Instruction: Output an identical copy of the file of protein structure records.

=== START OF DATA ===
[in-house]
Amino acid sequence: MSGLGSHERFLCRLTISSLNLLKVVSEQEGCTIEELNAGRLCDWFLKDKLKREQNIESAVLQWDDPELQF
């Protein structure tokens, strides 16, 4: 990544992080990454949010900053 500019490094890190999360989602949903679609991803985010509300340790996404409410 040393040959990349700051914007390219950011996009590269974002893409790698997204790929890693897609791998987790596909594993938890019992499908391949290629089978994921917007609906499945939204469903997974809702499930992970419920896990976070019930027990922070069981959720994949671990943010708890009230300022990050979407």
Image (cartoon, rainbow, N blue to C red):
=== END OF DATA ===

[in-house]
Amino acid sequence: MSGLGSHERFLCRLTISSLNLLKVVSEQEGCTIEELNAGRLCDWFLKDKLKREQNIESAVLQWDDPELQF
């Protein structure tokens, strides 16, 4: 990544992080990454949010900053 500019490094890190999360989602949903679609991803985010509300340790996404409410 040393040959990349700051914007390219950011996009590269974002893409790698997204790929890693897609791998987790596909594993938890019992499908391949290629089978994921917007609906499945939204469903997974809702499930992970419920896990976070019930027990922070069981959720994949671990943010708890009230300022990050979407």
Image (cartoon, rainbow, N blue to C red):